On April 24, 1996, Congress enacted the Antiterrorism and Effective Death Penalty Act of 1996 (AEDPA). The AEDPA imposes various requirements on all petitions for writ of habeas corpus filed after the date of its enactment. Lindh v. Murphy, 521 U.S. 320, 117 S.Ct. 2059, 2063 (1997); Jeffries v. Wood, 114 F.3d 1484, 1499 (9th Cir. 1997) (en banc), cert. denied, 118 S.Ct. 586 (1997). The instant petition was filed on January 27, 2011, and thus, it is subject to the provisions of the AEDPA.

The AEDPA imposes a one-year period of limitation on petitioners seeking to file a federal petition for writ of habeas corpus. 28 U.S.C. § 2244(d)(1). As amended, § 2244, subdivision (d) reads:

(1) A 1-year period of limitation shall apply to an application for a writ of habeas corpus by a person in custody pursuant to the judgment of a State court. The limitation period shall run from the latest of --

(A) the date on which the judgment became final by the conclusion of direct review or the expiration of the time for seeking such review;

(B) the date on which the impediment to filing an application created by State action in violation of the Constitution or laws of the United States is removed, if the applicant was prevented from filing by such State action;

(C) the date on which the constitutional right asserted was initially recognized by the Supreme Court, if the right has been newly recognized by the Supreme Court and made retroactively applicable to cases on collateral review; or

(D) the date on which the factual predicate of the claim or claims presented could have been discovered through the exercise of due diligence.

(2) The time during which a properly filed application for State post-conviction or other collateral review with respect to the pertinent judgment or claim is pending shall not be counted toward any period of limitation under this subsection.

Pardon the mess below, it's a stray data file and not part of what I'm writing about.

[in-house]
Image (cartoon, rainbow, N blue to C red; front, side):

28 U.S.C. § 2244(d).

B. Amendments Under The AEDPA.

Under Rule 15(c)(2) of the Federal Rules of Civil Procedure, an amendment of a pleading relates back to the date of the original pleading when "the claim or defense asserted in the amended pleading arose out of the conduct, transaction, or occurrence set forth or attempted to be set forth in the original pleading." The rule applies in habeas corpus proceedings. Mayle v. Felix, 545 U.S. 644, th 650 (2005); Anthony v. Cambra, 236 F.3d 568, 576 (9 Cir. 2000). In Mayle, the United States Supreme Court held that relation back is in order if the claim to be amended into the petition is tied to the original timely petition by "a common core of operative facts." Mayle, 545 U.S. at 664. Conversely, the claim does not relate back when it asserts a new ground for relief supported by facts that differ in both "time and type" from those the original pleading set forth. Id. at 650. The Mayle court expressly rejected the Ninth Circuit‟s interpretation of the rule that a claim relates back if it arises merely from the same judgment and conviction. Id. at 656-657. Thus, relation back is "ordinarily allowed "when the new claim is based on the same facts as the original pleading and only changes the legal theory.‟" Woodward v. Williams, 263 F.3d 1135, 1142 (10th Cir. 2001), quoting 3 J. Moore, et al., Moore‟s Federal Practice § 15.19[2], pp. 15-82 (3d ed. 2004).

Obviously, therefore, when a petitioner seeks a stay of proceedings to exhaust unexhausted claims already contained in a timely federal petition, the relation back doctrine will not create a statute of limitation problem for the petitioner since the exhausted claim will, by definition, be identical to the 2 claim already raised in the existing petition. However, where, as here, a petitioner seeks to exhaust 3 completely new claims and then amend those new claims into an existing federal petition, unless the 4 new claims relate back to the claims already contained in the existing federal petition, the relation 5 back doctrine may well preclude those claims as being untimely if, as Respondent contends, more than 6 one year has elapsed between the commencement of the limitation period and the point at which the 7 petitioner amends his federal petition to include the newly-exhausted claims. 8